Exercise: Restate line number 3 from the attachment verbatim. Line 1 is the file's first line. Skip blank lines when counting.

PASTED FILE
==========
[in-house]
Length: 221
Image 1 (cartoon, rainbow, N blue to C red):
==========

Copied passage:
Image 1 (cartoon, rainbow, N blue to C red):